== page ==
In recent months, the topic of cryptocurrency has been on everyone's lips - even small investors who actually have little idea about the subject are jumping on the bandwagon and investing.
But while the hype around cryptocurrencies is still new for many, I have been dealing with the topic for years - just like with the topic of blockchain.
Even in the early days of zapliance 5 years ago, we recognized the importance that blockchain would play for companies and auditors.
At that time, I not only gave numerous workshops on the topic but also invested diligently in cryptocurrency myself.
Among other things, in a currency that was supposed to revolutionize food trading.
If you fail, you don't just lose money. But often also courage.
The other day I received an email from the Exchange with the news that the cryptocurrency I had invested in was now worth (almost) nothing and would be delisted.
This was not a big surprise for me - after all, this development had been foreseeable over the last few years.
Nevertheless, I was annoyed and carried the thought of my own failure around with me for a few days.
Until one thing became clear to me:
Failure is part of life - and especially of entrepreneurship.
By the way, I recently published an article on how best to deal with these lows - you can find it here.
A saying that came to my mind in connection with failure is: "Nothing ventured, nothing gained."
And there is some truth in that.
Because while this one investment failed, I have also made many other investments in recent years that have developed very positively.
It's a similar story with blockchain:
while many didn't believe in the concept at the time, we at zapliance jumped on the bandwagon early - and were proven right.
Companies that oversleep trends are quickly out of the window.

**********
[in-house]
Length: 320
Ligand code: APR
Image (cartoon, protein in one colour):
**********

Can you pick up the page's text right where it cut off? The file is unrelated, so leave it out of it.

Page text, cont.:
The problem today:
many companies often do not even take risks - and then painfully realize years later that they have slept through an important trend.
This omission can sometimes be made up for, but sometimes not.
A prime example of missing a trend is the company Kodak.
For decades, it was one of the most successful major international companies, bringing numerous groundbreaking innovations in the field of cameras as well as photographic and film materials.
However, having underestimated the trend of digitalization and digital cameras, in particular, Kodak was never able to catch up with its competitors in the years that followed.
The result: today, Kodak is only a comparatively small company in a niche market - no trace of the glory of its heyday.
If you don't take risks, you take risks.
But how did this failure come about?
I don't know - but the assumption is that failures at the management levels led to the downfall.
But what I do know is that each of us should do everything to ensure that our company does not become another Kodak.
Because only those who risk something can also gain something.
Those who don't risk at all have already lost.
Of course, failure is no fun.
But we should see it as part of a journey that consists of ups and downs.
So don't be discouraged!
About the author:
Alexander Rühle, CIA, CISA, is the CEO and CO-founder at zapliance. After 15 years in the finance and auditing world and having met his partner in crime, Prof. Dr. Nick Gehrke, at PWC, they started zapliance together, with the mission to change the way business professionals of the future work with data.